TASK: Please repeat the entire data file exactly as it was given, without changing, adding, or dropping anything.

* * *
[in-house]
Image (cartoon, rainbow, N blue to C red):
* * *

[in-house]
Image (cartoon, rainbow, N blue to C red):